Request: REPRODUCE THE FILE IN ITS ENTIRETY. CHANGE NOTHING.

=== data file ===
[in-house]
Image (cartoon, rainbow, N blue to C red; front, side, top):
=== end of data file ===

[in-house]
Image (cartoon, rainbow, N blue to C red; front, side, top):